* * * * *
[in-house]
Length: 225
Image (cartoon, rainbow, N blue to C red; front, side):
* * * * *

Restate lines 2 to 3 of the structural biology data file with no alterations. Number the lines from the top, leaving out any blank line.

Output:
Length: 225
Image (cartoon, rainbow, N blue to C red; front, side):